Monday, September 15, 2008

Shiriri Saga #53,A story, A story.

The Copra Shed Marina. Savu Savu. Fiji.

Just when we are glad to be back to sea, the weather turns nasty. Perhaps we have just been sheltered for too long so that life as normal on the ocean wave seems brutally real. We pass between the islands of Upolu and Sava`i with a brisk breeze (our idea of a breeze is now just below a small craft warning at home) but in the night we hit squally weather that has us reefing the fores`l several times.

Aug. 24. My birthday, and it leapt upon me as we crossed the date line and skipped a day.

Aug.25,26,27,28. Four days of 25 knot winds and wild seas. Same old , same old. Things calm down just as we sight the first Fijian islands.

Aug.29th. We zoom along on a 15 knot breeze up a deep bay toward our first port of Savu Savu and pick up a mooring off the Copra Shed Marina. After entry formalities aboard with friendly but large lava lava garbed officials (They nearly swamped Edith) including someone from the army to be sure we are not smuggling weapons, we are free to wander ashore. The Moonlighters are here and Anne elects to visit with them while Heather and I wander the main street of this little town and find an Indian restaurant for our wedding anniversary dinner. Ice cold water, no extra charge. Heavenly! We are becoming inured to this life, as we munch our way nonchalantly through this excellent meal in a new country and culture just a few hours after a week`s rough passage.

Through the Moonlighters, we meet Sammy and Rachael and their two children who will become our special friends while we are here. It is such a treat to have an entre into a new society and we appreciate their hospitality. They are ethnic Indians and have just come through some frightening times during the recent troubles, laying low in their little home and hoping none of the roving gangs would turn up their street. I am introduced to kava drinking ( Sammy sells it in the market) and find it rather blaa. It is a bit of a problem drug here as it was in Samoa : traditionally a ritual associated with religious ceremonies, it is now as common as drinking a beer at home. Men can spend a lot of time drinking this stuff. I dislike the taste, the numbed lips and mouth, and the muddy thinking. The next morning`s hangover isn`t fun either so I politely refuse any more when I realize it features at every gathering.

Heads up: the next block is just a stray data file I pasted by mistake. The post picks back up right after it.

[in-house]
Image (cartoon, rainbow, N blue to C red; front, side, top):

We are invited to a children`s birthday party and Heather bakes the cake. By the time we negociate the dinghy ride and the walk to their home the icing is sliding off but that is quickly put right. Before the supper party, the women separate off into their separate group and I am invited to tell a story to the assembled men of the street out on the front porch. "About your sailing trip." Sammy suggests so I launch into our Cape Mendocino experience and find it more fun than I would have thought:
"The waves were 30 feet high, the sea was white with foam and the wind so strong it blew your breath away!"Interested faces, a pause for Sammy to translate into Hindi, with hand gestures to indicate the height of the waves. Amazed and horrified expressions! This is very rewarding story telling! I`m part the oldest tradition in the world and I have found my place in life! Homer must have had this same experience telling the tales of the Odyssey in the palaces and around the campfires of the ancient Greeks.
Savu Savu morning.

One day though, we refuel and leave our friends as Shiriri motors back out into a dark and rainy evening to begin a difficult bit of navigation among the islands en route to Lautoka on the southern island of Viti Levu. Sammy has set us up to meet his brother and family when we get there!

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